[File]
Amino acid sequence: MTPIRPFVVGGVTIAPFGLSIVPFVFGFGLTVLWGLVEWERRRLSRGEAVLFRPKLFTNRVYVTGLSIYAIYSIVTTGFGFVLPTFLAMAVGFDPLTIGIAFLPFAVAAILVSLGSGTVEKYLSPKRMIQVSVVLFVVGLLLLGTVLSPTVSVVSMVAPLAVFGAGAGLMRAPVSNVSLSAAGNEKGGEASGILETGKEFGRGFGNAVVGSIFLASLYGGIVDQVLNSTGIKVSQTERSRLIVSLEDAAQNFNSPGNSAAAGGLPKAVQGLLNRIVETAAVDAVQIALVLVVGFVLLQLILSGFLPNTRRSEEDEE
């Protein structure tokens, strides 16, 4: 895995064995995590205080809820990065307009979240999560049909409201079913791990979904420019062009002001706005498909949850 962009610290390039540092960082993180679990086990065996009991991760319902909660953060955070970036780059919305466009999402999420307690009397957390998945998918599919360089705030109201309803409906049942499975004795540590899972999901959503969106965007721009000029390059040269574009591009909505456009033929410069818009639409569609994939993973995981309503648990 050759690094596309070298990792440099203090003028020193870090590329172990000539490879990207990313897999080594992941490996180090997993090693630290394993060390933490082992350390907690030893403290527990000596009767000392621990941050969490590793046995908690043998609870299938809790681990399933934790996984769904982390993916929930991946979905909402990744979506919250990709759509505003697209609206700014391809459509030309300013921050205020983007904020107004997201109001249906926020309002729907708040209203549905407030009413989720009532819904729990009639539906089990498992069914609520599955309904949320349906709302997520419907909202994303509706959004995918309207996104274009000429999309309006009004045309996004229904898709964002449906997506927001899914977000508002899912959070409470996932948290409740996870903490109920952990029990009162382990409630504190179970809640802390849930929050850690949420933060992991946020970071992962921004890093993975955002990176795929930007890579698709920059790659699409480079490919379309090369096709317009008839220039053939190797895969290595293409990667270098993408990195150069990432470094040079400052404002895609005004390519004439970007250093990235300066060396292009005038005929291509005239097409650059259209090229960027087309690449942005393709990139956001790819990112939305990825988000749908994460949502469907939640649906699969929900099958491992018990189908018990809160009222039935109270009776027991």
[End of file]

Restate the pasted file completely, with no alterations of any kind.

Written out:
Amino acid sequence: MTPIRPFVVGGVTIAPFGLSIVPFVFGFGLTVLWGLVEWERRRLSRGEAVLFRPKLFTNRVYVTGLSIYAIYSIVTTGFGFVLPTFLAMAVGFDPLTIGIAFLPFAVAAILVSLGSGTVEKYLSPKRMIQVSVVLFVVGLLLLGTVLSPTVSVVSMVAPLAVFGAGAGLMRAPVSNVSLSAAGNEKGGEASGILETGKEFGRGFGNAVVGSIFLASLYGGIVDQVLNSTGIKVSQTERSRLIVSLEDAAQNFNSPGNSAAAGGLPKAVQGLLNRIVETAAVDAVQIALVLVVGFVLLQLILSGFLPNTRRSEEDEE
């Protein structure tokens, strides 16, 4: 895995064995995590205080809820990065307009979240999560049909409201079913791990979904420019062009002001706005498909949850 962009610290390039540092960082993180679990086990065996009991991760319902909660953060955070970036780059919305466009999402999420307690009397957390998945998918599919360089705030109201309803409906049942499975004795540590899972999901959503969106965007721009000029390059040269574009591009909505456009033929410069818009639409569609994939993973995981309503648990 050759690094596309070298990792440099203090003028020193870090590329172990000539490879990207990313897999080594992941490996180090997993090693630290394993060390933490082992350390907690030893403290527990000596009767000392621990941050969490590793046995908690043998609870299938809790681990399933934790996984769904982390993916929930991946979905909402990744979506919250990709759509505003697209609206700014391809459509030309300013921050205020983007904020107004997201109001249906926020309002729907708040209203549905407030009413989720009532819904729990009639539906089990498992069914609520599955309904949320349906709302997520419907909202994303509706959004995918309207996104274009000429999309309006009004045309996004229904898709964002449906997506927001899914977000508002899912959070409470996932948290409740996870903490109920952990029990009162382990409630504190179970809640802390849930929050850690949420933060992991946020970071992962921004890093993975955002990176795929930007890579698709920059790659699409480079490919379309090369096709317009008839220039053939190797895969290595293409990667270098993408990195150069990432470094040079400052404002895609005004390519004439970007250093990235300066060396292009005038005929291509005239097409650059259209090229960027087309690449942005393709990139956001790819990112939305990825988000749908994460949502469907939640649906699969929900099958491992018990189908018990809160009222039935109270009776027991």